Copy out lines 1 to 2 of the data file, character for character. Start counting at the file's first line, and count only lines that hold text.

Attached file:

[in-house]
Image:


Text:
[in-house]
Image: